Information Literacy diagram from Ontario Library AssnJust about all librarians who work with youth agree that young people have been fairly lazy about doing research since Google got so good at finding pretty exactly whatever they need for an assignment. Kids and teens no longer need to go through the multi-step process of 1) traveling to the library; 2) looking in the catalog for the correct item; 3) going to the shelf, hoping that someone else didn’t get there before you and have checked it out already; and 4) skimming through the book/magazine article and making sure it contains what you need. Young people learned a lot from making those judgments.

Today one can do all this stuff from any spot with a device that connects to the Net, and one never needs to worry that someone got to the book you wanted first. Google piles mounds of everything with even a vague relationship to what you’re looking for in front of you with almost no effort on your part. Not that any of this is bad, but the Google-i-zation of research encourages bad habits.

Thus, young people aren’t working hard – some educators feel they’re barely working at all – to discriminate between good, useful information they find online and flaky, undocumented information. For years, school librarians have made a major effort to train young people in those skills, which are usually defined as “information literacy.”

Middle schoolers I’ve spoken to about the importance of information literacy often roll their eyes. When I spot eye-rolling, I tell them that one day soon they’ll be buying a car and insurance for it. They’ll be choosing a school or a career. They’ll be given documents with gobbeldygook to sign that might deliver big bills to their mailbox. They will need to know how to evaluate information.

But unfortunately many school districts, focused intently on one goal – getting good scores on the statewide standardized math and reading tests required by the federal No Child Left Behind law – have given information literacy about as high a priority as most of us do about being good banjo players.

And thus, we have situations like that in Mesa, AZ, School District where all the certified librarians will be eliminated, because of budget cuts. Why? Because – even though no one from the district will admit it – they can, because certified librarians are not required by No Child Left Behind the way high-quality classroom teachers are.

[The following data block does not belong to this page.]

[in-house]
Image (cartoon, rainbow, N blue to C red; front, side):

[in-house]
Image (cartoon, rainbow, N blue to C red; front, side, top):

Here’s a quote from the story in American Libraries:

The decision came as a surprise to many librarians, who were notified of the change the second week in April. “They are just reeling,” Ann Ewbank, education liaison librarian at Arizona State University in Phoenix, told AL. “This school district has done this under the radar.” She added that since librarians are considered instructional support staff, cutting their positions is not perceived as cutting classroom dollars. “They will turn libraries and media centers into warehouses. There will be no collaborative lesson planning, no information-literacy standards, and no library media programming at these schools.”

The sad news is that because No Child Left Behind doesn’t require certified librarians and the things certified librarians do for the kids, they’re ripe for the cutting. It’s very difficult to convince anyone – teachers, principals, parents, average taxpayers – in most places that librarians really can make a difference in the age of Google.

If folks need more convincing, here’s an unsettling study from the UK – from the Centre for Information Behaviour and the Evaluation of Research, at University College London’s centre for publishing. It’s a higher education-level study, but you can be sure that those who reach a university with poor information literacy skills – which is exactly what this study demonstrates – learned those poor skills as kids and teens. Here’s a quote:

The report, Information Behaviour of the Researcher of the Future, found users [i.e. students] “power-browsing” or skimming material, using “horizontal” (shallow) research. Most spent only a few minutes looking at academic journal articles and few returned to them. “It almost seems that they go online to avoid reading in the traditional sense,” said the report authors.

Doesn’t that last quote – going “online to avoid reading in the traditional sense” – sound just like what you see from the average child or teen in the average library these days? Let’s get that boring homework done, so we can go play video games.

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